I need to come clean…and fess up. I have written 3 blogs in two weeks and have posted none of them. In short, I never felt a “peace” about any of them. They were finished and ready to post…but that little something I’m supposed to feel before I hit the “publish” button never came. At first I was frustrated…then I became angry. For about a day and a half, I had decided that writing blogs was silly and that I would never do one again. I wrote about COVID-19…I wrote about us being in a place I never thought we would be. The blog that was finally published entitled “Where Am I?” contained tidbits from the 3 that never made it to press. Even that one went out with some unrest at heart. Truth is, it’s really hard to know what to say at a time like this. These really are unprecedented days. In addition there is no shortage of thoughts and opinions as blogs, videos, and message apps have exploded onto the scene. My blog is virtually a non-issue amidst the quantity that are out there. Nonetheless, I still want to feel ok about what I’m sending out…even if it only gets a few “hits” or a couple of “likes.”
This morning I woke up with a very clear mind about something I could write about that might be considered worthy of taking the time to read. After several failed attempts and multiple mental blocks…I finally thought of something that I have been stewing on for weeks. Weeks ago, when the words “social distancing” made their way into our vocabulary, a request was made of every American to do something “unprecedented.” We were asked to avoid groups of over ten people, to stay at home-if possible, and to keep our distance from one another to limit the spread of the coronavirus. The request was unheard of and would deeply impact businesses, schools, churches, hospitals, etc. At first, some people grumbled while others declared with holy boldness they would never comply. These new “marching orders” were not initially received well at all.
In time, reality set in. We began to see an exponential increase in the number of diagnosed cases and sadly, the number of deaths…which is now approximately 30,000 in our country and 122 here in Kentucky. In just a few days everyone started paying more attention…and now the virus has largely captivated our undivided attention. Life as we know it is much different. Being confined to our homes is a mixture of blessings and curses. On the blessing side of things, I’ve been able to read, study, and pray with a freedom I’ve hardly ever known as a pastor. On the curse side of things, I can’t visit the hospitals and I’m being told not to visit anyone from our convention…so that’s more than weird when you’re used to being in hospitals several times a week.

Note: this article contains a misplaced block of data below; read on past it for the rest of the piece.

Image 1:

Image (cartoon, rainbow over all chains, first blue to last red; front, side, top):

But let me address the “unique perspective” I mentioned in the title of this blog. For this to make sense…we have to be “dirty honest”…an expression I’ve used for a very long time. As Americans, we are not as good as we used to be about doing things for the good of other people. The rise of individualism has brought with it a general “unconcern” for anyone’s wellbeing other than our own. The nation now flourishes with division, sometimes hatred, and selfishness on a scale we’ve never seen before. The words “I don’t care” are thrown around with the frequency of prepositions in a novel. These marching orders were actually asking us to think of other people…and their good. We were asked to not merely think about ourselves…which we are very good at…but to think of how our actions could seriously affect other people.
Even now it’s hard for me to remember a time in recent history where we as individuals were asked to think about others by any government agency. I remember sitting in front of the television about a month and was listening to the news report that many were saying they were not gonna comply with any demands that would hinder their lifestyles in any way. I sat there stunned that some folks really didn’t care what was happening. Then…as I was processing all of this…I saw on the bottom of the screen a quote from an NBA player who said it was shamelessly selfish to ignore what was being asked of us. In all fairness, most of us do not gain moral footing from pro athletes in our country. That’s not to say there’s not some fine guys and gals out there…but many often convey the textbook picture of “not caring” about others…while some go out of their way to be a help.
I thought about the player’s sentence. He said it was truly selfish to ignore what was being asked of us…to distance ourselves…to limit our actions…so that others would be safe. In short, our government was asking us to care about others…and to not just focus on ourselves. In 2020, I would definitely call that a unique request and a unique perspective. While it’s sad that things had to get this bad before many would even consider such a drastic step…my prayer is that good will come from it. Perhaps we will remember some of the grand historic qualities that made our nation so great to begin with…when caring about your neighbor meant something…when the individual wasn’t the center of the universe…when the “greater good” had weight. Who knows…maybe this will remind us all of what we could be once again. Thinking of others before you think of yourself…sounds almost biblical…oops…wait a second…IT IS! 🙂
Blessings to all!